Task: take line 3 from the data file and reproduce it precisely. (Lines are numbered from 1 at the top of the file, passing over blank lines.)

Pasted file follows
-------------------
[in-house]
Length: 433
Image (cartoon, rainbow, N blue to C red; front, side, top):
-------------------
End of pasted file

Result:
Image (cartoon, rainbow, N blue to C red; front, side, top):